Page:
Ultrashort Bond Funds: More Risk Than Reward?

By Brigitte Yuille AAA

Ultrashort bond funds are an appealing investment vehicle for their high returns and purported safety. They fared well prior to the financial crisis that arose in 2007, but during the 2008 recession some funds experienced tremendous losses. A few funds recovered the following year with the government's help, but many hemorrhaged and closed. Whether or not you decide to invest in this type of fund, make sure you are among those who've seen the investment pay off by closely evaluating its risk.

SEE: The 2007-08 Financial Crisis In Review

What They Are
An ultrashort bond fund is a mutual fund. They consists of various investments that include government, mortgage-backed and corporate bonds. These fixed-income securities generally have short maturities ranging from three months to a year, making the funds less sensitive to interest rate changes. Some, however, have lasted as long as two years. These funds were designed to have higher yields than other investments, such as money market funds and certificates of deposit (CDs), but they also have more risk.


Safety Is Not Guaranteed
These funds have invested in securities with less than stellar credit ratings in order to get better results. Prices for these funds can be a dollar per share, but that amount can turn sour when changes occur in the market that risk principal, especially during continued periods of rising interest rates. Also, the investment vehicle hasn't been guaranteed or insured by government agencies, such as the FDIC.

SEE: The History Of The FDIC

The ultrashort bond fund gained more interest from investors in the late 1990s. Many firms sold them as a "cash alternative." Some even allowed check-writing privileges. They were inappropriately considered safer than money-market funds by some, and were called "the safest of all bond funds." However, some of these funds lost their appeal and were considered unstable as the mortgage and credit crisis ensued.

During the second half of 2007, popular funds, such as Fidelity Ultra-Short Bond Fund and Schwab Yield Plus, saw their values sink and redemptions increase. Many funds had more than half of their assets in mortgage-backed securities. "Some portfolio managers increased their mortgage-backed securities holdings without adequately analyzing and disclosing the additional risk that the higher yields on mortgage backed securities implied," Securities Litigation and Consulting Group explained in a study.

Weigh the Risk With the Rewards
Now that you are aware of the fund's history, the Securities Exchange Commission (SEC) suggests thinking about the risk and rewards when getting involved.

For instance, credit downgrades and defaults can occur, but credit risk can be lessened if the fund's main investment is in government securities, such as Treasury bonds. These securities are backed by the U.S. government and don't have to deal with local and state taxes. Analysts indicate that these types of funds have shown modest returns with less volatility during the recession.

Maturity dates that are longer than usual can make the investment vehicle riskier than those with a shorter than average maturity date. The longer period exposes the fund to fluctuation in interest rates. Keep in mind this inverse relationship: when interest rates rise, the value of the debt securities falls.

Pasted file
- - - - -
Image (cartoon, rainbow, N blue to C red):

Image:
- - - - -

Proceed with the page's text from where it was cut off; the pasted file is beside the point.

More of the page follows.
Alternatives
CDs offer the low-risk investment that you may be looking for and they easily convert to cash. CDs are insured by the FDIC for up to $250,000 (coverage as of 2012) and offer fixed terms. A set amount of money is typically invested within a span of three months to five years and the interest rates are usually fixed at higher rates than what you would receive from a savings account. When it reaches maturity you can redeem it and get the cash plus the interest accrued. CDs are purchased either at your bank or a brokerage firm.

SEE: How To Create A Laddered CD Portfolio

Money-market funds have been the ultrashort bond funds rival. While they both are mutual funds and aren't insured by the FDIC, they have a few differences. Unlike an ultra-short bond fund money-market funds' net asset value (NAV) doesn't fluctuate, they try to maintain a constant of a dollar per share. Money market funds are also required by law to invest in low-risk securities.

Do Your Research
It's always important to investigate where you are putting your money. For instance, with an ultrashort bond fund you'll want to find out the top performers. Examine performance charts. Learn how the fund was configured. Identify the securities that make up the portfolio. Determine the duration of the fund to consider how sensitive it may be to interest rate changes. You can do this by sifting through documents, such as the prospectus, profile and shareholder's report to help understand the companies strategy and risks. While you're looking through the documents, find out how long the fund has operated, the frequency at which it buys and sells securities, and any operational changes.

SEE: Evaluating Bond Funds: Keeping It Simple

The Bottom Line
Ultrashort bond funds may have been designed to give you "more bang for your buck" with less risk and higher yields, but they have had an unstable history. While government, financial advisors and analysts provide more oversight, take steps to make sure you see benefits of the fund. Start by doing a thorough research of the fund's present and past activities. Past performance won't tell you all you need to know about its future, but it can provide valuable insight about its volatility and how it's been handled. Also, weigh the rewards with the risk and keep in mind that safety isn't always guaranteed.

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